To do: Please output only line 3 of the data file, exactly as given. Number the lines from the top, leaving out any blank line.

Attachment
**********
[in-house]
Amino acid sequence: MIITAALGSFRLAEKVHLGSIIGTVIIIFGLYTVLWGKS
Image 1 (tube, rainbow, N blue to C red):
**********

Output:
Image 1 (tube, rainbow, N blue to C red):